Birmingham Royal Ballet return to the stage with a captivating piece of storytelling and world-class dance with SHAKESPEARE DREAM BILL
Following their stunning performance of ROMEO AND JULIET earlier this year, Birmingham Royal Ballet return to The Lowry to celebrate the 400th anniversary of Shakespeare’s death with SHAKESPEARE DREAM BILL.
Combining contemporary ballet with traditional pieces, the SHAKESPEARE DREAM BILL showcases the range and beauty of Birmingham Royal Ballet and brings together three works – WINK, THE MOOR’S PAVANE and THE DREAM – into one two and half-hour show.
The programme opens with WINK, a brand-new piece of work by American choreographer Jessica Lang. Set to a thrumming new score by Jakub Ciupinski, this stylish and abstract exploration piece captures the poetry of Shakespeare’s sonnets. A voiceover reads out extracts from five of Shakespeare’s sonnets – 43, 30, 64, 40 and 71 – as a male soloist and two couples duet reflect on its contrasting moods and colours. Peter Teigen’s inventive lighting design holds one couple in light and another in shade, shifting the mood from sunny and playful to blue introspection, while Mimi Lien’s innovative set switches from black to white to give the illusion of a blinking eye. Like the music, the choreography echoes the structure of the sonnets, prompting dances tugged by longing and regret. Brandon Lawrence is particularly memorising, bending, swaying and as rolling his body to the words like a piece of music, bringing to life the ripple of the patterns. This is an attractive piece of modern ballet that is intelligent, well designed and well executed.
José Limón’s THE MOOR’S PAVANE distils the passion and drama of Shakespeare’s OTHELLO into a thrilling one-act tragedy. Created in 1949, this dark and dramatic piece remains a classic of American modern dance and tightly focuses on four characters – The Moor (Othello), The Moor’s wife (Desdemona), His Friend (Iago), and His Friend’s Wife (Emelia). Set to the music of Purcell, the dancers move in a tight circle on a dark stage, attempting to follow the decorum and niceties of the stately court dance as jealously and passion burn beneath the surface. This is a piece that requires outstanding actors and Tyrone Singleton is excellent as The Moor, majestically bending backwards as his arms sweeping like sabres. Delia Mathews as The Moor’s Wife and Samara Downs’ as The Friend’s Wife are equally strong but the performance truly belongs to Iain Mackay as the menacing and conniving Moor’s Friend, curling his leg over The Moor’s hip as whispers venom in his ear.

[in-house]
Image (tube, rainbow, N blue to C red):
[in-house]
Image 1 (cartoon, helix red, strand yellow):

The triple bill concludes with a touch of magic and mayhem in a revival of Sir Frederick Ashton’s THE DREAM. This elegant and witty interpretation of Shakespeare’s A MIDSUMMER NIGHT’S DREAM is danced in purposeful Romantic style and demonstrates Birmingham Royal Ballet’s renowned flare for storytelling and world-class dance. Two stories (that of the fairies and the mortals) coincide on one stage in a perfectly imagined Victorian world of fairies and sprites, bumpkins and lovers. Momoko Hirata shines as the subtly powerful and dominant Titania, as do Samara Downs, Tom Rogers, Laura Purkiss and Tyrone Singleton as the mortal lovers. Kit Holder provides the most entertainment as Bottom, his pointe work and superb comic timing putting a smile on the face of everyone in the audience. But it is Mathias Dingman as Puck who truly impresses, with his fast movements, informative mime, giddying turns and breathtaking speed stealing each scene.
A special mention must go to the Royal Ballet Sinfonia led by conductor Paul Murphy for their flawless performance of each score.
Whether you’re a fan of Shakespeare or of ballet, you are sure to enjoy Birmingham Royal Ballet’s SHAKESPEARE DREAM BILL. A stunning piece of captivating storytelling and world-class dance.
Birmingham Royal Ballet’s SHAKESPEARE DREAM BILL runs at The Lowry until 17 September.